I love a pork pie, especially at Christmas, when they’re topped with cranberries. I’ve never made them though; I don’t know why, I just haven’t. I remember watching ‘the Great British Bake Off’ a couple of years ago and the contestants were making hot water crust pastry. I’ve never made that, or puff pastry. In fact, the only pastry I’ve ever made is shortcrust, both savoury and sweet. So, when I had the opportunity to go to Norfolk recently and make pork pies, it only seemed right that I should go.
Sarah Pettegree started ‘BraysCottage Pork Pies‘ in north Norfolk and now sells her pies in local markets and in pubs and delis, all over the county and further afield too. Just occasionally, she opens the doors to pie hq and lets unsuspecting members of the public in and teaches them how to make the perfect pork pie. For one thing, it doesn’t contain jelly. This is something of a relief to me as I wasn’t sure it was something I wanted my pie to have.
Sarah was very welcoming and as soon as I had arrived, she put the kettle on and the hob for the bacon sandwiches. When we had all gathered in her kitchen (I still can’t believe it’s as small as it is!), we were shown how to make the pastry and we were then let loose. I tried a dolly as there were some on the side and I wanted to at least have one attempt. It actually took two for me to have something that resembled a pie case and I moved it to the fridge speedily, lest it should break!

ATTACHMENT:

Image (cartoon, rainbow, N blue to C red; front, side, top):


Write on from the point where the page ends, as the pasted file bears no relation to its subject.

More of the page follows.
The filling in the pies was a mixture of pork loin and shoulder, which her local butcher minced for her and we added some smoked bacon and assorted herbs and spices. Sarah kept her special mix a secret and I experimented with nutmeg, mustard powder and sage, which I had thought was thyme. When I was happy with the seasoning, it was time to fill the pies and then decorate them. This was something I could do! Leaves for my big pies, faces for my little ones; yes, I was making piggy pies!
As soon as they went in the oven, it was time to eat. Who knew that pie making could be such hungry work? After an hour, they were done, a quick blast in the cooler and it was time to take my pies and face the long drive home.
I spent such an enjoyable time in Norfolk and I now feel confident I could replicate my pies. I had some leftover pastry, which shamefully (though not unexpectedly!) is still sitting in my freezer. I intend doing some sort of vegetarian pie, possibly with spinach or butternut squash. One day… I will definitely be leaving the pie making to Sarah and her wonderful team however, and will gladly stick to cakes.
If you’re after an unusual gift, this is a great idea; in fact, the workshop was a Christmas present gift from generous spouses for most of the group.
The pie itself? Whilst I still have to taste one of Sarah’s, hand on heart, it’s probably the tastiest pork pie I’ve had. I knew exactly what went in it and it was made with love. Especially the little ears.